fpb: (Default)
Meanwhile statistics inform us that Italians are the most long-lived nation in the world, with an average life estimate of 76,1 years for men and 82,2 for women.
fpb: (Default)
Positively perfect. No welfare-state coddlings, but free availability of guns "to defend oneself against the tyranny of the state" (which is NOT what the Second Amendment says).


Sep. 12th, 2011 11:50 pm
fpb: (Default)
Plato knew what he was talking about when he said that people love what they do not have. To be precise, however, one ought to say that people make an idol of what they lack. The excessive worship of a quality in the abstract is often accompanied by the gaping and damaging absence of that quality in daily life. For instance, Mussolini's political system and claims (once, of course, he had abandoned his pacifist and socialist beliefs) hinged on an exaggerated, overheated, roaring assertion of the ultimate value of Willpower - Will as the first and final quality, Will as the heart of politics and life. And so one is not surprised to find that in real life Mussolini was catastrophically overwhelmed, to the point of enslavement, by the stronger willpower of Adolf Hitler. It was because he had no strong and living willpower - such as that which Francisco Franco, from a much weaker position, exercised to keep himself out of a disastrous alliance - that he made so much of Willpower in the abstract. Likewise, we are not surprised to find that the author of the super-rationalist fantasy of Sherlock Holmes was, in his own life, a devoted believer to the most depressingly irrational and ridiculous mystical fads, falling even for two ten-year-old girls' obviously fake pictures of fairies. Sir Arthur Conan Doyle didn't have a lick of sense, but had enough sense of what reason meant to create, from his own internal lack, an immortal fantasy of the omnipotence of reason. In reality, hardly any investigation is solved, or indeed can be solved, by Holmes' methods; but that is not important.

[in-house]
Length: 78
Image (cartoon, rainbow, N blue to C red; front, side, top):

Why am I saying this? Because of a fresh and rather disgusting experience. Somewhere in LJ-space there is a densely populated thread of people who have all felt the need to repeat, with very narrow stylistic variations and no variation of content at all, the same proposition; to assert to each other the very same views; to repeat to each other what each has just said to the other, and then pat each other on the back for their brilliant and principled, individual resistance against the forces of oppression.

What was their common theme?

fpb: (Default)
Before anyone has so much as began to see the end-game of the Murdoch scandals - which, let us remember, arise entirely from the criminal behaviour of Murdoch and his employees, behaviour which was known to be criminal and has been so for decades - a number of conservatives are yelping about left-wing conspiracies and assaults upon freedom of the press. Well, apart that the most monstrous assault upon the freedom of the press ever mounted was Rupert Murdoch's, don't you think, my dear people, that you should wait for any actual evidence of any such plot to arise, before you dedicate pages upon pages of yelping conspiracy theories to it? All you are showing right now is that you fear that without the mafia protection of this criminal, your views might not get a hearing. Well, perhaps I am in a privileged position: as a social conservative, whose views would never have got a hearing in Page Three land, I definitely have nothing to lose by the collapse of this champion of wickedness. But I would say that this instinctive display of fear suggests a lack of confidence in one's own beliefs and a psychological dependence on criminality and subversion that certainly does not speak well for anyone who holds it. If your views are correct, they shall be proven so. Meanwhile, be grateful that your side, whatever it is, has been cleared from a destructive and corrupting influence.